(PC) Burgess v. Newsom et al

Filing 14

FINDINGS and RECOMMENDATIONS recommending that the instant action be Dismissed for Failure to State a Cognizable Claim for Relief re 12 Amended Prisoner Civil Rights Complaint filed by Jeffrey Alan Burgess ; referred to Judge Drozd, signed by Magistrate Judge Stanley A. Boone on 09/7/2021. (Objections to F&R due within 14-Day Deadline)(Martin-Gill, S)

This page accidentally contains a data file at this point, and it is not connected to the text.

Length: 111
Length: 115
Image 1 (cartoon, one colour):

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Case 1:21-cv-00077-DAD-SAB Document 14 Filed 09/07/21 Page 1 of 9 1 2 3 UNITED STATES DISTRICT COURT 4 EASTERN DISTRICT OF CALIFORNIA 5 JEFFREY ALAN BURGESS, 6 Plaintiff, 7 v. 8 GAVIN NEWSOM, et al., 9 Defendants. 10 11 12 13 14 15 16 ) ) ) ) ) ) ) ) ) ) ) ) Case No.: 1:21-cv-00077-SAB (PC) ORDER DIRECTING CLERK OF COURT TO RANDOMLY ASSIGN A DISTRICT JUDGE TO THIS ACTION FINDINGS AND RECOMMENDATION RECOMMENDING DISMISSAL OF ACTION FOR FAILURE TO STATE A COGNIZABLE CLAIM FOR RELIEF (ECF No. 12) Plaintiff Jeffrey Alan Burgess is proceeding pro se in this civil rights action pursuant to 42 U.S.C. § 1983. Currently before the Court is Plaintiff’s first amended complaint, filed on July 26, 2021. (ECF No. 12.) 17 I. 18 SCREENING REQUIREMENT 19 The Court is required to screen complaints brought by prisoners seeking relief against a 20 governmental entity or officer or employee of a governmental entity. 28 U.S.C. § 1915A(a). The Court 21 must dismiss a complaint or portion thereof if the prisoner has raised claims that are legally “frivolous 22 or malicious,” that “fail[] to state a claim on which relief may be granted,” or that “seek[] monetary 23 relief against a defendant who is immune from such relief.” 28 U.S.C. § 1915(e)(2)(B). 24 A complaint must contain “a short and plain statement of the claim showing that the pleader is 25 entitled to relief. . . .” Fed. R. Civ. P. 8(a)(2). Detailed factual allegations are not required, but 26 “[t]hreadbare recitals of the elements of a cause of action, supported by mere conclusory statements, do 27 not suffice.” Ashcroft v. Iqbal, 556 U.S. 662, 678 (2009) (citing Bell Atlantic Corp. v. Twombly, 550 28 1 Case 1:21-cv-00077-DAD-SAB Document 14 Filed 09/07/21 Page 2 of 9 1 U.S. 544, 555 (2007)). Moreover, Plaintiff must demonstrate that each defendant personally participated 2 in the deprivation of Plaintiff’s rights. Jones v. Williams, 297 F.3d 930, 934 (9th Cir. 2002). 3 Prisoners proceeding pro se in civil rights actions are entitled to have their pleadings liberally 4 construed and to have any doubt resolved in their favor. Wilhelm v. Rotman, 680 F.3d 1113, 1121 (9th 5 Cir. 2012) (citations omitted). To survive screening, Plaintiff’s claims must be facially plausible, which 6 requires sufficient factual detail to allow the Court to reasonably infer that each named defendant is 7 liable for the misconduct alleged. Iqbal, 556 U.S. at 678-79; Moss v. U.S. Secret Service, 572 F.3d 962, 8 969 (9th Cir. 2009). The “sheer possibility that a defendant has acted unlawfully” is not sufficient, and 9 “facts that are ‘merely consistent with’ a defendant’s liability” falls short of satisfying the plausibility 10 standard. Iqbal, 556 U.S. at 678; Moss, 572 F.3d at 969. 11 II. 12 ALLEGATIONS IN COMPLAINT The Court accepts Plaintiff's allegations in the complaint as true only for the purpose of the sua 13 14 sponte screening requirement under 28 U.S.C. § 1915. 15 Plaintiff is currently in the custody of the California Department of Corrections and 16 Rehabilitation and is housed at Avenal State Prison (“ASP”). He brings this action against Governor 17 Gavin Newsome, ASP Chief Executive Officer Nash, ASP Associate Warden Bailey, ASP Warden 18 Gamboa, ASP Chief Deputy Warden Groves, ASP Lieutenants Kramer and Hurl, ASP Sergeants Morton 19 and Christiansen alleging that he contracted COVID-19, Secretary of CDCR Kathleen Allison, and 20 Receiver Clark Kelso. (First Am. Compl. 1, 3,1 ECF No. 12.) On May 20, 2020, Plaintiff contracted COVID-19 at Avenal State Prison in dorm 5, bed 3, 21 22 because staff contracted the virus and carried it into the prison facility. There has been a total of 224 23 deaths due to COVID-19 at Avenal State Prison. Sixty percent of the staff at Avenal State Prison 24 refuse to be vaccinated and there needs to be a mandate authoritative instruction of command by the 25 Governor of the State of California to impose the vaccination requirement. In the dorms there is less 26 27 1 28 All references to pagination of specific documents pertain to those as indicated on the upper right corners via the CM/ECF electronic court docketing system. 2 Case 1:21-cv-00077-DAD-SAB Document 14 Filed 09/07/21 Page 3 of 9 1 than four week between each bunk and the bunks cannot be properly spaced apart. Plaintiff requests 2 that all state employees at Avenal State Prison take the vaccine. 3 III. 4 DISCUSSION 5 A. Linkage Requirement Under Section 1983 6 Section 1983 provides a cause of action for the violation of Plaintiff’s constitutional or other 7 federal rights by persons acting under color of state law. Nurre v. Whitehead, 580 F.3d 1087, 1092 8 (9th Cir 2009); Long v. County of Los Angeles, 442 F.3d 1178, 1185 (9th Cir. 2006); Jones v. 9 Williams, 297 F.3d 930, 934 (9th Cir. 2002). “Section 1983 is not itself a source of substantive rights, 10 but merely provides a method for vindicating federal rights elsewhere conferred.” Crowley v. Nevada 11 ex rel. Nevada Sec’y of State, 678 F.3d 730, 734 (9th Cir. 2012) (citing Graham v. Connor, 490 U.S. 12 386, 393-94 (1989)) (internal quotation marks omitted). To state a claim, Plaintiff must allege facts 13 demonstrating the existence of a link, or causal connection, between each defendant’s actions or 14 omissions and a violation of his federal rights. Lemire v. California Dep’t of Corr. and Rehab., 726 15 F.3d 1062, 1074-75 (9th Cir. 2013); Starr v. Baca, 652 F.3d 1202, 1205-08 (9th Cir. 2011). 16 B. Supervisory Liability 17 Plaintiff names Governor Gavin Newsom, Warden Gamboa, Associate Warden Bailey, Chief 18 Deputy Warden Groves, Lieutenant Kramer, Lieutenant Hurl, Sergeant Morton, and Sergeant 19 Christiansen, as Defendants. Insofar as Plaintiff is attempting to sue these Defendants or any other 20 defendant, based solely upon his supervisory role, he may not do so. Liability may not be imposed on 21 supervisory personnel for the actions or omissions of their subordinates under the theory of respondeat 22 superior. Iqbal, 556 U.S. at 676–77; Simmons v. Navajo Cty., Ariz., 609 F.3d 1011, 1020–21 (9th Cir. 23 2010); Ewing v. City of Stockton, 588 F.3d 1218, 1235 (9th Cir. 2009); Jones v. Williams, 297 F.3d 24 930, 934 (9th Cir. 2002). 25 Supervisors may be held liable only if they “participated in or directed the violations, or knew 26 of the violations and failed to act to prevent them.” Taylor v. List, 880 F.2d 1040, 1045 (9th Cir. 27 1989); accord Starr v. Baca, 652 F.3d 1202, 1205–06 (9th Cir. 2011); Corales v. Bennett, 567 F.3d 28 554, 570 (9th Cir. 2009). “The requisite causal connection may be established when an official sets in 3 Case 1:21-cv-00077-DAD-SAB Document 14 Filed 09/07/21 Page 4 of 9 1 motion a ‘series of acts by others which the actor knows or reasonably should know would cause 2 others to inflict’ constitutional harms.” Corales v. Bennett, 567 F.3d at 570. 3 Supervisory liability may also exist without any personal participation if the official 4 implemented “a policy so deficient that the policy itself is a repudiation of the constitutional rights and 5 is the moving force of the constitutional violation.” Redman v. Cty. of San Diego, 942 F.2d 1435, 6 1446 (9th Cir. 1991) (citations and quotations marks omitted), abrogated on other grounds by Farmer 7 v. Brennan, 511 U.S. 825 (1970). 8 9 To prove liability for an action or policy, the plaintiff “must ... demonstrate that his deprivation resulted from an official policy or custom established by a ... policymaker possessed with final 10 authority to establish that policy.” Waggy v. Spokane County Washington, 594 F.3d 707, 713 (9th 11 Cir.2010). When a defendant holds a supervisory position, the causal link between such defendant and 12 the claimed constitutional violation must be specifically alleged. See Fayle v. Stapley, 607 F.2d 858, 13 862 (9th Cir. 1979); Mosher v. Saalfeld, 589 F.2d 438, 441 (9th Cir. 1978). Vague and conclusory 14 allegations concerning the involvement of supervisory personnel in civil rights violations are not 15 sufficient. See Ivey v. Board of Regents, 673 F.2d 266, 268 (9th Cir. 1982). 16 It is clear that COVID-19 poses a substantial risk of serious harm. See Plata v. Newsom, 445 17 F.Supp.3d 557, 559 (N.D. Cal. Apr. 17, 2020) (“[N]o one questions that [COVID-19] poses a 18 substantial risk of serious harm” to prisoners.). However, in order to state a cognizable Eighth 19 Amendment claim against the supervisory Defendants, Plaintiff must provide more than generalized 20 allegations that the warden has not done enough to control the spread. See Booth v. Newsom, No. 21 2:20-cv-1562 AC P, 2020 WL 6741730, at *3 (E.D. Cal. Nov. 17, 2020). 22 Here, it is unclear the conduct Plaintiff alleges the supervisory Defendants engaged in that 23 violated his constitutional right. Plaintiff has failed to allege direct participation in the alleged 24 violations. Although Plaintiff mentions the inability to social distance, he has failed to allege the 25 causal link between such Defendant and the claimed constitutional violation which must be 26 specifically alleged. He does not make a sufficient showing of any personal participation, direction, or 27 knowledge on these Defendants’ part regarding any other prison officials' actions. Plaintiff has not 28 alleged that these Defendants personally participated in the alleged deprivations. 4 Case 1:21-cv-00077-DAD-SAB Document 14 Filed 09/07/21 Page 5 of 9 1 In addition, it is unclear what the policy is that is purportedly at issue. Plaintiff has failed to 2 “demonstrate that his deprivation resulted from an official policy or custom established by a ... 3 policymaker possessed with final authority to establish that policy.” Plaintiff must describe just what 4 the policy or procedure did, or did not do, that made it more likely Plaintiff could contract COVID-19. 5 Plaintiff must also allege facts showing that each Defendant knew, or should have known, when the 6 policy or procedure was enacted that it placed Plaintiff at serious risk of harm. In other words, 7 Plaintiff must allege specific facts that show Defendants were deliberately indifferent to the risk to 8 plaintiff of contracting COVID-19. 9 10 C. Exposure to COVID-19 “[T]he Eighth Amendment applies to conditions of confinement that are not formally imposed 11 as a sentence for a crime.” Helling v. McKinney, 509 U.S. 25, 29 (1993). The Supreme Court has 12 recognized that the Eighth Amendment “requires that inmates be furnished with the basic human 13 needs, one of which is ‘reasonable safety,’ ” and “[i]t is “cruel and unusual punishment to hold 14 convicted criminals in unsafe conditions.” Id. at 33 (citations omitted). Such Eighth Amendment 15 claims are analyzed through a two-pronged inquiry. Id. at 35-37. Under the objective prong, the 16 prisoner must establish “society considers the risk that the prisoner complains of to be so grave that it 17 violates contemporary standards of decency to expose anyone unwillingly to such a risk. In other 18 words, the prisoner must show that the risk of which he complains is not one that today's society 19 chooses to tolerate.” Id. at 36. The subjective prong “requires an inquiry into the prison officials' state 20 of mind” based on the “deliberate indifference” standard. Id. at 32. A prison official is deliberately 21 indifferent if he “knows of and disregards an excessive risk to inmate health or safety; the official 22 must both be aware of facts from which the inference could be drawn that a substantial risk of serious 23 harm exists, and he must also draw the inference.” Farmer v. Brennan, 511 U.S. 825, 837 (1994). 24 Prison officials have a duty to protect inmates from serious communicable diseases. Helling v. 25 McKinney, 509 U.S. at 33 (finding prison officials may not “be deliberately indifferent to the exposure 26 of inmates to a serious, communicable disease”); Hutto v. Finney, 437 U.S. 678, 682-83 (1978) 27 (affirming a finding of an Eighth Amendment violation where a facility housed individuals in crowded 28 cells with others suffering from infectious diseases, such as Hepatitis and venereal disease, and the 5 Case 1:21-cv-00077-DAD-SAB Document 14 Filed 09/07/21 Page 6 of 9 1 individuals’ “mattresses were removed and jumbled together each morning, then returned to the cells 2 at random in the evening”); Andrews v. Cervantes, 493 F.3d 1047, 1050 (9th Cir. 2007) (recognizing a 3 cause of action under the Eighth Amendment and 42 U.S.C. § 1983 for an alleged policy of not 4 screening inmates for infectious diseases - HIV, Hepatitis C, and Heliobacter pylori - and for housing 5 contagious and healthy individuals together during a known “epidemic of hepatitis C”); Maney v. 6 Hall, ––– F. Supp. 3d ––––, 2021 WL 354384, at *12 (D. Or. Feb. 2, 2021) (citing cases recognizing 7 prison officials’ duty to protect inmates from exposure to communicable diseases under the Eighth 8 Amendment). 9 There is no question that COVID-19 is a serious communicable disease and courts have so 10 held. See Plata v. Newsom, 445 F.Supp.3d 557, 559 (N.D. Cal. 2020) (“[N]o one questions that 11 [COVID-19] poses a substantial risk of serious harm” to prisoners.); Kuykendall v. Superior Ct. of 12 California, No. 2:20-cv-1590 KJN P, 2020 WL 6582163, at *3 (E.D. Cal. Nov. 10, 2020) 13 While Plaintiff’s complaint alleges that COVID-19 is widespread at Avenal State Prison, he 14 fails to demonstrate that prison officials failed to take steps necessary to address the disease. Plaintiff 15 does not allege any particular wrongdoing or specific action that any Defendant has taken that 16 suggests deliberate indifference to his serious medical needs. The bare allegations of the existence of 17 a disease and the contraction of the disease simply are not enough to state a claim against any 18 defendant for deliberate indifference. COVID-19 is certainly a serious problem, but this plaintiff has 19 failed to allege facts that suggest the presence of the mental state necessary for an Eighth Amendment 20 claim. It is “ ‘only the unnecessary and wanton infliction of pain implicates the Eighth Amendment.’ 21 ” Farmer, 511 U.S. at 834 (internal quotation marks, emphasis, and citations omitted). “To violate the 22 Cruel and Unusual Punishments Clause, a prison official must have a ‘sufficiently culpable state of 23 mind,’ ” which is one of “deliberate indifference” to inmate health or safety. Id. 24 Plaintiff further alleges that there is no way to socially distance in his dorm. The Court notes 25 that overcrowding, by itself, is not a constitutional violation. Doty v. County of Lassen, 37 F.3d 540, 26 545 n.1 (9th Cir. 1994); Hoptowit v. Ray, 682 F.2d at 1248-49 (noting that overcrowding itself not 27 Eighth Amendment violation but can lead to specific effects that might violate Constitution), 28 abrogated in part on other grounds by Sandin v. Conner, 515 U.S. 472 (1995); see also Balla v. Idaho 6 Case 1:21-cv-00077-DAD-SAB Document 14 Filed 09/07/21 Page 7 of 9 1 State Bd. of Corr., 869 F.2d 461, 471 (9th Cir. 1989) (allegations of prison overcrowding alone are 2 insufficient to state a claim under the Eighth Amendment.); Rhodes v. Chapman, 452 U.S. at 348-49 3 (double-celling of inmates by itself does not inflict unnecessary or wanton pain or constitute grossly 4 disproportionate punishment in violation of Eighth Amendment). An overcrowding claim is 5 cognizable only if the plaintiff alleges that crowding has caused an increase in violence, has reduced 6 the provision of other constitutionally required services, or has reached a level rendering the institution 7 no longer fit for human habitation. See Balla, 869 F.2d at 471; Akao v. Shimoda, 832 F.2d 119, 120 8 (9th Cir. 1987) (per curiam) (as amended) (reversing district court's dismissal of claim that 9 overcrowding caused increased stress, tension, and communicable disease among inmate population); 10 Toussaint v. Yockey, 722 F.2d 1490, 1492 (9th Cir. 1984) (affirming that Eighth Amendment 11 violation may occur as result of overcrowded prison conditions causing increased violence, tension, 12 and psychiatric problems). 13 Plaintiff’s concerns over the risk of contracting COVID-19 are not insignificant, but this risk is 14 not unique to prisoners. This is a global pandemic, effecting millions of individuals worldwide. 15 Nonetheless, the Court recognizes that “[p]risons present unique concerns regarding the spread of this 16 virus; by their very nature, prisons are confined spaces unsuited for ‘social distancing.’ ” Evdokimow 17 v. Doll, No. 4:21-CV-00261, 2021 WL 767554, at *6 (M.D. Pa. Feb. 26, 2021). However, CDCR 18 guidelines specifically contemplate that individuals will be confined within prisons during the duration 19 of this pandemic. See Interim Guidance on Management of Coronavirus Disease 2019 (COVID-19) in 20 Correctional and Detention Facilities, Centers for Disease Control and Prevention, 21 https://www.cdc.gov/coronavirus/2019-ncov/community/correction-detention/guidance-correctional- 22 detention.html (last visited Mar. 29, 2021). However, to state a cognizable Eighth Amendment claim, 23 Plaintiff must provide more than generalized allegations that Defendants have not done enough to 24 enforce six-feet social and living distancing, or provided sufficient cleaning supplies, in order to 25 control the spread of COVID-19. See, e.g., Sanford v. Eaton, No. 1:20-cv-00792-BAM (PC), 2021 26 WL 1172911, at *6 (E.D. Cal. Mar. 29, 2021) (explaining that “in order to state a cognizable Eighth 27 Amendment claim against the warden, associate wardens and the other defendants named, Plaintiff 28 must provide more than generalized allegations that the warden, associate wardens and other 7 Case 1:21-cv-00077-DAD-SAB Document 14 Filed 09/07/21 Page 8 of 9 1 defendants have not done enough regarding overcrowding to control the spread” of COVID-19); 2 Blackwell v. Covello, No. 2:20-cv-01755 DB P, 2021 WL 915670, at *3 (E.D. Cal. Mar. 10, 2021) 3 (concluding that “in order to state a cognizable Eighth Amendment claim against the warden plaintiff 4 must provide more than generalized allegations that the warden has not done enough to control the 5 spread” of COVID-19). Plaintiff fails to allege facts showing how each Defendant specifically was 6 responsible for such failings, or allege a causal link between each Defendant and the claimed 7 constitutional violation. See, e.g., Cedillos v. Youngblood, No. 1:21-cv-00138-DAD-BAM (PC), 2021 8 WL 2534534, at *3 (E.D. Cal. June 21, 2021) (concluding that prisoner failed to state Section 1983 9 claims due to allegations of “failings in social distancing and unclean cells and showers” during 10 COVID-19 pandemic, where plaintiff failed to allege causal link between defendants and violations); 11 Stephen v. Tilestone, No. 2:20-cv-1841 KJN P, 2021 WL 289379 (E.D. Cal. Jan. 28, 2021) 12 (concluding that plaintiff failed to allege Eighth Amendment violation for prison transfer that 13 purportedly put him at extreme risk of contracting COVID-19 because he did not allege facts showing 14 how any particular defendant violated his rights). The pertinent question in determining whether 15 Plaintiff states a claim is whether Defendants’ actions or inactions demonstrated deliberate 16 indifference to that risk of harm. The key inquiry is not whether Defendants perfectly responded, 17 complied with every CDCR guideline, or whether their efforts ultimately averted the risk; instead, the 18 key inquiry is whether they “responded reasonably to the risk.” See Stevens v. Carr, No. 20-C-1735, 19 2021 WL 39542, at *4 (E.D. Wis. Jan. 5, 2021). Thus, even if the response at Avenal State Prison has 20 been inadequate, there are insufficient allegations to demonstrate that any particular Defendant 21 disregarded a known risk or failed to take any steps to address the risk. Wilson v. Williams, 961 F.3d 22 829, 843 (6th Cir. 2020). Despite the Court’s previous advisement of the linkage requirement, 23 Plaintiff’s first amended complaint merely lists the Defendants names in the caption only without any 24 reference or linkage in the body of the complaint allegations. 25 Lastly, with regard to Plaintiff’s request that all state prison employees be vaccinated, Plaintiff 26 is advised that effective August 2, 2021, all CDCR and CCHCS state employees shall show proof of 27 full vaccination status, or they will be subject to regular intervals of COVID-19 testing. See 28 https://www.cdcr.ca.gov/covid19/updates/. 8 Case 1:21-cv-00077-DAD-SAB Document 14 Filed 09/07/21 Page 9 of 9 1 IV. 2 ORDER AND RECOMMENDATION For the reasons stated, Plaintiff’s first amended complaint fails to state a cognizable section 3 4 1983 claim for relief. Despite being provided with the relevant pleading and legal standards, Plaintiff 5 has been unable to cure the identified deficiencies and further leave to amend is not warranted. Lopez 6 v. Smith, 203 F.3d 1122, 1130 (9th Cir. 2000). Accordingly, it is HEREBY ORDERED that the Clerk of Court randomly assign a District 7 8 Judge to this action. Further, it is HEREBY RECOMMENDED that the instant action be dismissed for failure to 9 10 state a cognizable claim for relief. This Findings and Recommendation will be submitted to the United States District Judge 11 12 assigned to the case, pursuant to the provisions of 28 U.S.C. § 636(b)(l). Within fourteen (14) days 13 after being served with this Findings and Recommendation, Plaintiff may file written objections with 14 the Court. The document should be captioned “Objections to Magistrate Judge’s Findings and 15 Recommendation.” Plaintiff is advised that failure to file objections within the specified time may 16 result in the waiver of rights on appeal. Wilkerson v. Wheeler, 772 F.3d 834, 838-39 (9th Cir. 2014) 17 (citing Baxter v. Sullivan, 923 F.2d 1391, 1394 (9th Cir. 1991)). 18 19 20 21 IT IS SO ORDERED. 22 Dated: 23 September 7, 2021 UNITED STATES MAGISTRATE JUDGE 24 25 26 27 28 9